Recently I was screened and interviewed before I joined the healing ministry team at my parish of St. Paul's, since it is a medium-risk ministry. I agree that ministry candidates should be screened since they are acting in behalf of the church, in the sacramental time of eucharist to parishioners who are often quite vulnerable. One of the questions that my rector asked me concerned the bottom line of my healing theology. While I could have said various things, these were not the basic structure that he was looking for. Instead, I was strongly led to say, "I would only be the instrument: it is GOD who does the healing." This answer encouraged the response, "I can see that you've been classically trained." I understood how important my answer was, for it reminded me that God is the one who is in charge, and although praying in the name of Jesus, elements of faith and anointing with oil3 are often very helpful, the Holy Spirit is still the one who heals. Leanne Payne exhorts us to celebrate our smallness, for as we "learn to practise [God's] presence, we trust Him to always [be] our adequacy." 4  

Emotional healing also is complex for counsellors and clergy to work through with clients and parishioners. However, as Emma Marsh noted during a recent healing mission in Ottawa, "It's Jesus who restores a sense of worth and hope for the future, not the prayer counsellor."5 Again, it is God who does the actual healing, particularly in Christian counselling. This care is given with the help of God, but grace-filled sovereign times do accelerate the healing process. When I was attending TACF years ago, John Arnott commented on these experiences by saying that "often people receive as much healing in one of these experiences as in a year of counselling." 6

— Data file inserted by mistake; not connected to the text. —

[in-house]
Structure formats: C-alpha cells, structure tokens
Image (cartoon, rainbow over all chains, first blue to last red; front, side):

I have found many wonders among the brokenness on this journey - people being set free and healed by the power of Jesus Christ. The statistics of sexual abuse of one in five7 represent only one area among broken relationships, emotions and bodies. These people need Jesus, who can and will restore them if allowed.

1. Dennis Bennett, Spirit of Promise conference, Kingsway Baptist Church, Toronto ON April 1988.
2. David Bell, Christian Growth Ministries Week Two, Maranatha Christian Reformed Church, Belleville ON October - November 1993.
3. This anointing of oil is done by a priest or bishop.
4. Leanne Payne, The Healing Presence, Wheaton IL: Crossway Books, 1989. pg. 22.
5. Emma Marsh, Healing Relationships, Ottawa ON. April 28, 2001.
6. John Arnott, Toronto Airport Vineyard, 1994, near the beginning of the "Toronto Blessing"
7. The current average statistics are one in five women.

- Laurie-Ann Zachar Copple
February 2001

Laurie-Ann works in the ARM national office and attends St. Paul's in Kanata, Ontario.

An abridged version of this article was published in Anglicans for Renewal, Canada magazine, Summer 2001 issue.

Comments, questions or requests for further reading may be conveniently sent to Laurie-Ann by e-mail.

To the author's Home Page.